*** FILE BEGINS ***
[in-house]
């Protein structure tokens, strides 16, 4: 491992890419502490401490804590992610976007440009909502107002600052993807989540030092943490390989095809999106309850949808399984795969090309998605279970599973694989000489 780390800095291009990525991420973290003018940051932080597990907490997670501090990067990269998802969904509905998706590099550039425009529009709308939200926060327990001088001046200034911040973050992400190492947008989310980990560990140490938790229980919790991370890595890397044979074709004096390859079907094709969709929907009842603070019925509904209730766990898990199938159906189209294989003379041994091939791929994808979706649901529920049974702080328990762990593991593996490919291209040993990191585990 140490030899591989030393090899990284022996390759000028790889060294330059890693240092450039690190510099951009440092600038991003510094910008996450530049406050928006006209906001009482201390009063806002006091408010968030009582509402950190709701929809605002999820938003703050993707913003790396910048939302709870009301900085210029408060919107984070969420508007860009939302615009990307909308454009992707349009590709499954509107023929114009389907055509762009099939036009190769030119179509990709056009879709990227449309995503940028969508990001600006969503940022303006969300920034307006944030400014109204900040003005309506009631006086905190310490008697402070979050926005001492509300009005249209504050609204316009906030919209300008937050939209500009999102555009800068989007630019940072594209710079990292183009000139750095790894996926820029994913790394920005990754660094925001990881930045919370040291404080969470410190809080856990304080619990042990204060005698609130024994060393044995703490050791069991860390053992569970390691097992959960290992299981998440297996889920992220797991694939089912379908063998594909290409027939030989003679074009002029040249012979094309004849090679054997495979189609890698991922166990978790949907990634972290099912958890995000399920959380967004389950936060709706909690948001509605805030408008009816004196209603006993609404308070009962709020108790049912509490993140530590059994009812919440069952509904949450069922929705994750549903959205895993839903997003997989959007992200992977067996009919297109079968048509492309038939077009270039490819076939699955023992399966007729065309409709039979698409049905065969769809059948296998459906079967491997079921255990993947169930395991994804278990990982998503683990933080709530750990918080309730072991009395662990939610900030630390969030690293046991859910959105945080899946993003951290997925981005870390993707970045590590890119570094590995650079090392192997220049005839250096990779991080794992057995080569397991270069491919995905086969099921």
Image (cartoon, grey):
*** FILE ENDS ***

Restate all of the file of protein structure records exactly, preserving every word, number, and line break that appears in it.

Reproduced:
[in-house]
């Protein structure tokens, strides 16, 4: 491992890419502490401490804590992610976007440009909502107002600052993807989540030092943490390989095809999106309850949808399984795969090309998605279970599973694989000489 780390800095291009990525991420973290003018940051932080597990907490997670501090990067990269998802969904509905998706590099550039425009529009709308939200926060327990001088001046200034911040973050992400190492947008989310980990560990140490938790229980919790991370890595890397044979074709004096390859079907094709969709929907009842603070019925509904209730766990898990199938159906189209294989003379041994091939791929994808979706649901529920049974702080328990762990593991593996490919291209040993990191585990 140490030899591989030393090899990284022996390759000028790889060294330059890693240092450039690190510099951009440092600038991003510094910008996450530049406050928006006209906001009482201390009063806002006091408010968030009582509402950190709701929809605002999820938003703050993707913003790396910048939302709870009301900085210029408060919107984070969420508007860009939302615009990307909308454009992707349009590709499954509107023929114009389907055509762009099939036009190769030119179509990709056009879709990227449309995503940028969508990001600006969503940022303006969300920034307006944030400014109204900040003005309506009631006086905190310490008697402070979050926005001492509300009005249209504050609204316009906030919209300008937050939209500009999102555009800068989007630019940072594209710079990292183009000139750095790894996926820029994913790394920005990754660094925001990881930045919370040291404080969470410190809080856990304080619990042990204060005698609130024994060393044995703490050791069991860390053992569970390691097992959960290992299981998440297996889920992220797991694939089912379908063998594909290409027939030989003679074009002029040249012979094309004849090679054997495979189609890698991922166990978790949907990634972290099912958890995000399920959380967004389950936060709706909690948001509605805030408008009816004196209603006993609404308070009962709020108790049912509490993140530590059994009812919440069952509904949450069922929705994750549903959205895993839903997003997989959007992200992977067996009919297109079968048509492309038939077009270039490819076939699955023992399966007729065309409709039979698409049905065969769809059948296998459906079967491997079921255990993947169930395991994804278990990982998503683990933080709530750990918080309730072991009395662990939610900030630390969030690293046991859910959105945080899946993003951290997925981005870390993707970045590590890119570094590995650079090392192997220049005839250096990779991080794992057995080569397991270069491919995905086969099921």
Image (cartoon, grey):